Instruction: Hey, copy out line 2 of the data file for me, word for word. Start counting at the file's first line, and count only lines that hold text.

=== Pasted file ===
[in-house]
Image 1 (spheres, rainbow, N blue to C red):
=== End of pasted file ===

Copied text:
Image 1 (spheres, rainbow, N blue to C red):